Most Democrats in Congress held off yesterday on demanding immediate action. Senator Robert Menendez, the New Jersey Democrat who heads the Foreign Relations Committee and has been a leading sanctions advocate, said only that he would work with Republicans “in the coming weeks to ensure that Iran comprehends that we will not ever permit it to become a threshold nuclear state.”
Representative Brad Sherman, a California Democrat on the House Foreign Affairs Committee, was more emphatic, saying in a statement, “We should work to pass tough sanctions now, and these sanctions should go into effect immediately.”
Senator Mark Kirk of Illinois, a Republican who’s pushed sanctions bills in the Senate Banking Committee, said in a statement, “The administration failed to get a good deal after one year of negotiations because it’s offered all carrots and no sticks, all diplomatic concessions and not even the hint of more economic pressure.”
In an interview, Kirk said he will seek action in January on legislation he co-sponsored with Menendez that would trigger new sanctions if Iran violates any terms of the interim agreement or an eventual final accord. Senate Majority Leader Harry Reid, a Nevada Democrat, has prevented the bill from being introduced, but he’ll be succeeded in January by Kentucky Republican Mitch McConnell.
The agreement that’s been extended eased the existing sanctions on Iran in return for constraints on its nuclear program. The original agreement reached a year ago specifies that “the U.S. administration, acting consistent with the respective roles of the president and the Congress, will refrain from imposing new nuclear-related sanctions.”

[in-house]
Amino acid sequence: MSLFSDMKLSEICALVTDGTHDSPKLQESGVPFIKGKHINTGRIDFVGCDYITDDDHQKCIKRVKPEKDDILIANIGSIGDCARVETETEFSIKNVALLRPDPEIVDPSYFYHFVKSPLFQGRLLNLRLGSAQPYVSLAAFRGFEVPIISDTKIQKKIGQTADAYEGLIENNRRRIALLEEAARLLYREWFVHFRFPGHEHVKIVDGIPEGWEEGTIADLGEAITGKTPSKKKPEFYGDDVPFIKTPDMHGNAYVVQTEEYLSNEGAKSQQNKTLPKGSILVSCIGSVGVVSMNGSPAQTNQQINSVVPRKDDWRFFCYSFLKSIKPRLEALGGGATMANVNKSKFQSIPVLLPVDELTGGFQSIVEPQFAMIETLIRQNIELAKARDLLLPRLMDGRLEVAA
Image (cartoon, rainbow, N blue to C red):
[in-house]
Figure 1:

A push for sanctions in Congress could backfire and encourage Iran to accelerate efforts to amass material for nuclear weapons, Daryl Kimball, executive director of the Arms Control Association, a Washington-based research group, said in a statement.
“Those who argue that there should be no more time for diplomacy and want to impose still-tougher sanctions are pursuing a naive and dangerous path,” he said.
A push for more sanctions is inevitable once Republicans take control of the Senate in January, said Suzanne Maloney, an Iran analyst at the Brookings Institution, a Washington public policy research organization, and a former State Department policy adviser.
“There’s a reasonable discussion to be had on whether there’s a role for Congress to play to help the Iranians show greater flexibility” on its nuclear program, Maloney said, although she said her opinion is that a push for tighter sanctions could torpedo future negotiations.
“The kind of sanctions we have in place are fairly onerous,” she said. “We have unprecedented consensus around those measures. If there’s a sense of overreach on the part of the Congress, there could very well be a backlash.”
Obama could strike a middle ground with Congress by accepting the proposal for sanctions that would be implemented only if negotiations fail to yield an agreement with Iran, said Michael Singh, a former National Security Council senior director for Iran who is now at the Washington Institute for Near East Policy.
Such a strategy would “honor his diplomatic commitments while signaling that he nevertheless has a Plan B,” Singh said in an e-mailed response to questions.
While Iran says its nuclear research is solely for energy, industrial and medical uses, the U.S. says its shares Israel’s concerns that the program could give the government in Tehran the capability to build nuclear weapons. Israel and the U.S. haven’t ruled out the possibility of military strikes to prevent Iran from doing so.